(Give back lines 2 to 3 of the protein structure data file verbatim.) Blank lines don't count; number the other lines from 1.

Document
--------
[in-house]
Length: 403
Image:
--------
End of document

Length: 403
Image: